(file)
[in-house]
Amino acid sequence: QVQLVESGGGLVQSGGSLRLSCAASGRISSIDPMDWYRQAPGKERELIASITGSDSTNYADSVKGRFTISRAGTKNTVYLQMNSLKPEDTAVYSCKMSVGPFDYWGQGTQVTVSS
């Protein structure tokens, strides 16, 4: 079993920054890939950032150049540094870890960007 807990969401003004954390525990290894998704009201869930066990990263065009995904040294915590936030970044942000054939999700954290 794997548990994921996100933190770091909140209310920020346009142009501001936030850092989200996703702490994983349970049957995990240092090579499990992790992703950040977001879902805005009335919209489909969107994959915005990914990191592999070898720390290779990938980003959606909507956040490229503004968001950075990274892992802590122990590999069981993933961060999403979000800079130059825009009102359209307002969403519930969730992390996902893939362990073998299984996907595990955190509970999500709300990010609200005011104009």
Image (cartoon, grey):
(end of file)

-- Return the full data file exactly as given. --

[in-house]
Amino acid sequence: QVQLVESGGGLVQSGGSLRLSCAASGRISSIDPMDWYRQAPGKERELIASITGSDSTNYADSVKGRFTISRAGTKNTVYLQMNSLKPEDTAVYSCKMSVGPFDYWGQGTQVTVSS
């Protein structure tokens, strides 16, 4: 079993920054890939950032150049540094870890960007 807990969401003004954390525990290894998704009201869930066990990263065009995904040294915590936030970044942000054939999700954290 794997548990994921996100933190770091909140209310920020346009142009501001936030850092989200996703702490994983349970049957995990240092090579499990992790992703950040977001879902805005009335919209489909969107994959915005990914990191592999070898720390290779990938980003959606909507956040490229503004968001950075990274892992802590122990590999069981993933961060999403979000800079130059825009009102359209307002969403519930969730992390996902893939362990073998299984996907595990955190509970999500709300990010609200005011104009």
Image (cartoon, grey):